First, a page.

Alicia Keys is a beautiful lady and has enjoyed a successful career. Unfortunately, when she has to sing live, you wouldn’t think she’s an accomplished singer. Her success as a vocalist emerges from her ability to sing much better in the studio. Many recording artists cannot sing live and Alicia Keys is a representative example. If it were not for her beauty and the reputation she’s built from her studio album sells, she would be one of those artists who quickly fade away.
Although her gorgeous face and breathtaking body are contributing factors in her enduring success, her success in more recent years has resulted from her ability to understand how to create songs that connect to larger phenomena than herself. Her song, “Girl on Fire,” shrewdly connects with numerous women. One of the most important ways it resonates with many women is it’s a song they can use and sing to express their self-confidence and celebrate their accomplishments, physical appearance, independence, and/or any other thing that gives them joy. In her collaboration with Jay-Z, “Empire State of Mind,” she not only forms a bond with New Yorkers by singing a song that can be viewed as an anthem for New York, but also connects with millions of Americans who love New York, especially in a post-9/11 America.
Those responsible for managing and marketing her must advise her to be more selective about the live events she elects to sing at. If Keys is going to sing at live events, she needs to avoid high notes. Her voice cracks entirely too much when she’s singing live (especially when attempting high notes). In the studio, she has opportunities to correct errors she often makes when she’s singing live—without anyone ever knowing she made any errors.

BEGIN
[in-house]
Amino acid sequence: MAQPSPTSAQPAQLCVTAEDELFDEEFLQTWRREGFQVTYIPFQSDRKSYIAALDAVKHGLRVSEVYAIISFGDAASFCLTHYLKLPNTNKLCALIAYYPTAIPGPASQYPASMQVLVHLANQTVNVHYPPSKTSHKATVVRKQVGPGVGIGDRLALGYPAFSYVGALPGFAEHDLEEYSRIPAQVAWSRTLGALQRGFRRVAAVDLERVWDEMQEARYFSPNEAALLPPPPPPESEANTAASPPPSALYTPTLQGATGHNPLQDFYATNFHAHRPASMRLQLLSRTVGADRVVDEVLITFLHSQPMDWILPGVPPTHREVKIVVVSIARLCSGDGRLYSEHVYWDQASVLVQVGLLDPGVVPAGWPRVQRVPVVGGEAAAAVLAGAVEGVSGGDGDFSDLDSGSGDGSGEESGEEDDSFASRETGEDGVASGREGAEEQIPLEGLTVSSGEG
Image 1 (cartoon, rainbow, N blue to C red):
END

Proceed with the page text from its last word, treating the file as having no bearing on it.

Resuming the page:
Alicia Keys will not continue to be successful if she keeps having horrible vocal performances at prominent events like the Super Bowl and The Grammy Awards.
Keys shouldn’t allow her ego to fool her into believing she’s having amazing live vocal performances—when they’re really atrocious. Whether she knows it or not, she’s beginning to develop the wrong reputation: “she’s not a good singer” or “she cannot sing at all,” which are frequent statements made by numerous individuals on Facebook and Twitter in response to her live performances.
In “Posing as a Great Singer: Trey Songz’s Intriguing Success,” I wrote about the horrendous live vocal performances of Trey Songz. His managers and marketers, however, are more discerning about how many live performances he does and the type of events he performs at. During live performances, they sell his physical appearance more than his vocals. Keys would be better served by highlighting her physical appearance more than her vocals when performing live.
Are you a fan of Alicia Keys? Do you think she’s a good live singer? Why or why not?
Antonio Maurice Daniels
University of Wisconsin-Madison
- Alicia Keys Sets Fire To The NBA All Star Game (VIDEO) (noseygirl.com)
- Ne-Yo, Alicia Keys Dogged For NBA All-Star Sound: “The Mix Is Horrid” (y98.cbslocal.com)
- Positive Responses to Alicia Keys Singing the National Anthem, ‘The Star Spangled Banner’ (contactmusic.com)
- Alicia Keys Addresses Beyoncé Lip-Synch Claims – MTV UK (mtv.co.uk)
- Alicia Keys Kills The All Star Game (Literally); Shaq Sings Along (soletschat.net)
- Was Alicia Keys’ Super Bowl anthem too slow? (todayentertainment.today.com)
- Alicia Keys Sings the National Anthem; Jhud Performs “America the Beautiful” at Super Bowl (video) (5pinkave.com)
- Alicia Keys to Sing National Anthem at Super Bowl: 5 Star-Spangled Fails She Won’t Make (hollywood.com)
- OWN Kicks Off Season 3 of ‘Oprah’s Master Class’ With Alicia Keys (madamenoire.com)